Power has returned to most of Texas after a week of statewide blackouts caused by historic winter storms, but millions still don’t have access to safe or running water.

The big picture: A Texas Commission on Environmental Quality spokesperson told CNN that some 8.8 million people, or roughly a third of the state’s population, still had issues with their water supply Sunday evening. Food banks and volunteers delivered bottled water to thousands of people in the past few days.

By the numbers: Over 3.4 million bottles of water have been delivered into Texas via helicopters, trucks, and airplanes supplied by the federal government and North Carolina and Kentucky, Gov. Greg Abbott (R) said at a Sunday press briefing.

  • “As you can see today, there will be millions more delivered,” he said.

Of note: The Public Utilities Commission of Texas has paused customer disconnections for nonpayment, Abbott said, following a spike in energy bills.

Plumber Randy Calazans with One Call Plumbing repairs a burst pipe in a home on February 21, 2021 in Houston, Texas.
A plumber repairs a burst pipe in a home on in Houston on Feb. 21. Plumbers throughout Texas are working overtime to repair burst pipes in homes and businesses following the storm. Photo: Justin Sullivan/Getty Images
A line of cars in a parking lot, as volunteers wearing bright vests hand out boxes of food
Volunteers with the Houston Food Bank at NRG Stadium on Feb. 21 in Houston, Texas. Thousands lined up on Sunday. Photo: Justin Sullivan/Getty Images
A man stands on a pallet piled high with bottled water at the back of a semi truck
A volunteer moves bottled water at the Central Texas Food Bank mass distribution site in Del Valle, Texas, on Feb. 20. Photo: Thomas Ryan Allison/Bloomberg via Getty Images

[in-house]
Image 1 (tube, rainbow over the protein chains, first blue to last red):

Dozens of gallons of water sit on the ground next to a car and cardboard boxes
Volunteers prepare to hand out water at the Fountain Life Center on Feb. 20 in Houston, Texas. Photo: Justin Sullivan/Getty Images
A sign attached to a shelf in front of packs of water reads
A supermarket in Houston on Feb. 20. Photo: Francois Picard/AFP via Getty Images
Water flows into a large bucket of water through a spigot
Workers at the Batch Craft Beer & Kolaches taproom in Austin, Texas, fill up bottles of potable water to donate on Feb. 20. Photo: Thomas Ryan Allison/Bloomberg via Getty Images
A birds eye view of cars wrapped around a parking lot in a line
A drone view of cars lining up for water at the Fountain Life Center on Feb. 20 in Houston. Photo: Justin Sullivan/Getty Images
A person wearing a dark hoodie stands between two tall stacks of bottled water on pallets
A Houston police officer stands near pallets of water at the Astros Youth Academy on Feb. 20. Photo: Justin Sullivan/Getty Images

Editor’s note: This article has been updated to reflect the number of Texans still affected by the water crisis.

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